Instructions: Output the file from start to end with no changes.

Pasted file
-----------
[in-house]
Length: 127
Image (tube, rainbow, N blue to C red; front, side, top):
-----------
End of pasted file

[in-house]
Length: 127
Image (tube, rainbow, N blue to C red; front, side, top):